This Friday (March 6), the streets of Iowa City become walkways to art.
Visitors can view art in galleries, businesses and nonprofit organizations’ public spaces. It’s free, it’s fun and it’s a great way to view numerous art works by a variety of artists.
Eighteen locations will celebrate the work of artists.
Local artist, Astrid Bennett is organizer of the event.
AKAR, 257 E. Iowa Ave.;
Arts Iowa City, 103 E. College St.;
Bella Joli, 125 S. Dubuque St.;
Chait Galleries, 218 E. Washington St.;
The Englert Theatre, 221 E. Washington St.;
Glassando, 201 S. Clinton St.;
Home Ec Workshop, 207 N. Linn St.;
Iowa Artisans Gallery, 207 E. Washington St.;
Iowa City Senior Center, 28 S. Linn St.;
Lasansky Gallery, 703 S. Clinton St.;
MC Ginsberg, 110 Washington St.;
MidWestOne Bank, 102 S. Clinton St.;
Modela, 323 E. Market St.;
RSVP, 140 N. Linn St.;
The Soap Opera, 119 E. College St.;
United Action for Youth, 355 Iowa Ave.;
US Bank, 204 E. Washington St.; and
West Bank, Dubuque and Burlington St.
I had the opportunity to go to the Cedar Rapids Museum of Art this week, just a week after it’s reopening from the flood. Aptly, the museum’s first exhibit is The Year of the River: Flood Photography from The Gazette. The moments captured are breathtaking. The emotion they rekindle surprising. We are months removed from the Flood of 2008, and although the people of the corridor have moved on to recovery, it’s important to look back and remember just how extraordinary the event truly was.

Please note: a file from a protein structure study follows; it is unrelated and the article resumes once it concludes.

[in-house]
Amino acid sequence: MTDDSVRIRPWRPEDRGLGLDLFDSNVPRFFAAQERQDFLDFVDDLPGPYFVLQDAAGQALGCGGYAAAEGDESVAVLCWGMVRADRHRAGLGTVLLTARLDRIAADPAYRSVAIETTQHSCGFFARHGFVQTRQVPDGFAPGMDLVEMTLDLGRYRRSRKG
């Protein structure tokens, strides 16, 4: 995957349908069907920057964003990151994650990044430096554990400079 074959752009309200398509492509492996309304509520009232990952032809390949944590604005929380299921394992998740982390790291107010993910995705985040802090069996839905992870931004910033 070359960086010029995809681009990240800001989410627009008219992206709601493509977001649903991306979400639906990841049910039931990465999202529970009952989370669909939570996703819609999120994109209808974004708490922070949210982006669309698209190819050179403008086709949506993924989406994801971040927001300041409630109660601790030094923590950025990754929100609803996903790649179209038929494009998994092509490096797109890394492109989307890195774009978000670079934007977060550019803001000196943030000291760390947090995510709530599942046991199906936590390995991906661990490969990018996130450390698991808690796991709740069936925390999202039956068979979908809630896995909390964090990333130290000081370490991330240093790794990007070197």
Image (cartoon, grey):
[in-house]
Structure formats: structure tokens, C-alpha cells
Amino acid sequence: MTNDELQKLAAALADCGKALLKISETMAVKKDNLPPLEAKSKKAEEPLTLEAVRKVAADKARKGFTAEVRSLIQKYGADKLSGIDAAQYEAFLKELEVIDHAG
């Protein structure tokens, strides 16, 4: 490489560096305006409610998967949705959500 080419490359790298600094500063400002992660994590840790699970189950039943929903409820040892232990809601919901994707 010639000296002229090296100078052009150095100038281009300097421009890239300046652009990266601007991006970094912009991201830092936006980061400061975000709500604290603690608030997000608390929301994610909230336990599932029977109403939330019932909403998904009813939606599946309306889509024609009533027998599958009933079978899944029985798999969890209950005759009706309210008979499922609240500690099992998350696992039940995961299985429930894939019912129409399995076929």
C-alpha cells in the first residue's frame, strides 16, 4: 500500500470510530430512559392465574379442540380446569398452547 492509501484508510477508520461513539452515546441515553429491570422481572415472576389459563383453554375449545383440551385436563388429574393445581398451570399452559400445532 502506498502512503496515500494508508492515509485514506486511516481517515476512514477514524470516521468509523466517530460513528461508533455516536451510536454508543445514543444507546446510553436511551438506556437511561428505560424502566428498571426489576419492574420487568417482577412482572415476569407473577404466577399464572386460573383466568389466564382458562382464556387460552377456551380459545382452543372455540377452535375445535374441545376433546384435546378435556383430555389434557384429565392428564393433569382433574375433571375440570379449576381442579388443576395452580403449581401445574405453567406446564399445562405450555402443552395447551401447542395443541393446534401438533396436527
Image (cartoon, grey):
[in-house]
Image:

I was lucky enough to explore this exhibit with people not from Cedar Rapids, many whom aren’t even from the Midwest. I’d seen many of the pictures before, I’d witnessed the flooding in person, and these photographs still took my breath away. To see their reaction was truly a privilege. They had all heard of the flood, and had sent their thoughts and prayers in our time of need. But as they walked the halls of the museum they were in awe of what we had experienced. They also had toured some of our flood-savaged areas and expressed amazement at far we have come, and how quickly we reached where we are.
I was bursting with pride for my community, as I nodded in agreement as they spoke of our spirit and our determination to rebuild.
I highly recommend visiting the museum and seeing this amazing exhibit. And if you have friends or family visiting from afar, take them and show them. It will give you everyone who sees it a new appreciation, and a new perspective on just how reselient we are.
On a similar note, a colleague recently shared an emotional and information video on the flood produced by Metro Studios – if you have a moment, check it out.
posted by: heatherjoy77